PwC Stands By Its Predictions
Byline: Brook Raflo
National Competitive Bidding for durable medical equipment will not save the federal government nearly as much during the next 10 years as the $7.7 billion the U.S. Congressional Budget Office predicted, PricewaterhouseCoopers said Oct. 28.
Despite the CBO’s adamant defense of this prediction, PwC insisted the prediction is overstated.
“PricewaterhouseCoopers is pleased that the Congressional Budget Office responded to our concerns about the budgetary impact of competitive bidding,” the company said. However, “PwC continues to stand by its main findings that the interpretations of official estimates of savings from competitive bidding on Medicare DME have been subject to overstatement.”
At issue is a provision of H.R. 4954 – a prescription drug bill passed in the House earlier this session – calling for a phase-in approach to NCB. While the CBO insisted that the savings would outweigh NCB’s administrative costs, PwC predicted that administrative costs and changes in Medicare Part B premiums would negate most savings.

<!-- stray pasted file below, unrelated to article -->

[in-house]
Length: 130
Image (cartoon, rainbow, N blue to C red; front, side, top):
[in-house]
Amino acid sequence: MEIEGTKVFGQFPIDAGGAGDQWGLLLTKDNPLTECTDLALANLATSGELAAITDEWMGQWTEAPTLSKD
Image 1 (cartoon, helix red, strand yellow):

In reality, NCB would save the federal government only $1 billion during the next 10 years, and the program could compromise the quality of the equipment and services that Medicare beneficiaries receive, PwC said. “The magnitude of the official estimates should be tempered by the uncertainty associated with not only the level of savings but also the quality of the equipment and services, and the access of Medicare beneficiaries to those items and services,” the company explained.
Additionally, the CBO’s estimate did not consider the power that the provision gives the Secretary of Health and Human Services to implement competitive bidding as he sees fit, PwC concluded.
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